Australian Greg Henderson wins international BASE jumping competition in China

By Dan Smith
Updated November 11, 2015 12:09:36
External Link:The 2015 China International Base Jumping Tournament in Guizhou

Photo: A BASE jumper leaps off the Baling River Bridge in China. (YouTube: CCTV)

Map: China

An Australian man has won an international BASE jumping competition in China, beating over 30 jumpers from around the world to take the prize.
The BASE jump challenge was held in south China's Guizhou province from Baling River Bridge, one of the world's highest at 375 metres above the river below.
Greg Henderson, who took out first place in the competition, said he was "surprised and elated".
"I wasn't expecting to win," he told the ABC.
"I'm just proud that I could represent Australia at the event."

Photo: Australian BASE jumper Greg Henderson said he was surprised to win the competition. (Supplied: Chris Carnahan)

Henderson said most jumpers did not see the event run by the Aerosports Federation of China to encourage tourism in the area as a competition.
"Most of the event is really about having fun with friends and just enjoying the jumping," he said.
"But there's also the accuracy component ... it was judged in three rounds, so you got three rounds to land as close to the centre of the target as possible.
"And I managed to hit the centre on the first one, and then I thought I may as well keep trying, so I got really close on the other two jumps as well and managed to take out the win."
BASE jumping which stands for building, antenna, span, Earth is a form of parachuting in which participants jump off fixed objects.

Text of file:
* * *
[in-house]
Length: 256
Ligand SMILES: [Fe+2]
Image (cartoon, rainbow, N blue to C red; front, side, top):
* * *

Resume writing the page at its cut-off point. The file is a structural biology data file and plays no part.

"In some ways it's like flying," Henderson said.
"Everything kind of floats by, you get to see the world from a different perspective which is really nice.
"When you're doing your first few jumps it can be a little scary, but after you've been jumping for a while, it becomes more enjoyable than scary."

Photo: American BASE jumpers leap off the bridge at the competition in China. (Supplied: Monica Cianelli)

'It's a shame athletes are seen as criminals in this country'

The sport is currently difficult to practise in Australia, with most locations that are prime for jumping declared private property and requiring rarely given permission.
Henderson said it was "disappointing" Australia was so far behind supporting athletes who parachute, and called for the sport to be made more accessible.
"It'd be wonderful to see some opportunities to do something similar in Australia off any kind of object," he said.
"Because it's a shame that athletes are seen as criminals in this country.
"Jumpers in Australia are forced to either travel overseas, which can be very expensive, or jump incognito, with risk of persecution."
The sport is one of the most dangerous according to a 1995-2005 study in Norway, the odds of dying while base jumping are one in 2,317 jumps, compared to one in about 100,000 jumps for skydiving, the British health care blog Bandolier Journal said.
Despite the risks, sanctioned BASE jumping events are becoming more common around the world, taking place in countries including the United States, Malaysia, Turkey, Norway and Spain annually.

Photo: Baling River Bridge in Guizhou province, China, is one of the world's highest bridges. (Supplied: Chris Carnahan)

Topics: sport, extreme-sports, china
First posted November 11, 2015 11:57:44